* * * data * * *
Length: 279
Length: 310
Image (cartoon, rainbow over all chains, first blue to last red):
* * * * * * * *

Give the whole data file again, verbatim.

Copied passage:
Length: 279
Length: 310
Image (cartoon, rainbow over all chains, first blue to last red):